May 23, 2013 5:02PM

Toward Managed Trade in Solar Panels

Rumor has it that the United States, European Union and China are looking to negotiate a deal that would settle a developing trade dispute over solar panels. According to the New York Times, the deal would require China to limit its exports of solar panels to the U.S. and Europe and would impose a minimum price for those panels. In exchange, the U.S. and EU would drop existing antidumping duties (of around 30 and 50 percent, respectively). 

You might call this an “un‐​trade” agreement. Rather than agreeing to lower their own barriers to trade, the U.S. and EU are convincing China to acquiesce to those barriers by altering their form. The purpose of tariffs is to impose an additional cost on foreign manufacturers that limits competition and keeps prices high. The new model also keeps prices high and limits foreign competition, but unlike tariffs, a mandated minimum price enables the foreign manufacturers to benefit from those high prices. 

The agreement would be beneficial for existing U.S. and Chinese manufacturers, but not for U.S. consumers. For consumers, the effect of this agreement would be the same as if U.S. and Chinese solar panel makers agreed to divide up the market and not to compete on price. Actually making such an agreement between themselves would, incidentally, be highly illegal. So their governments are going to arrange it for them.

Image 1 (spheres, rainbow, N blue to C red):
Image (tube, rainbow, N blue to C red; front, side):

The bizarrest aspect of this new development, and indeed the entire dispute, is that the market for solar panels would hardly exist if not for government subsidies. Increasing the cost of solar panels is completely at odds with any environmental policy to decrease emission of greenhouse gases. Even if you support the creation of “green jobs”, restricting trade in panels is counterproductive because it reduces employment in downstream businesses like solar panel installation. That our government would impose artificial barriers to direct artificial demand toward favored companies highlights the follies of green industrial policy, not just as a mind‐​boggling waste of taxpayer money, but as an impediment to the success of the broader green energy agenda.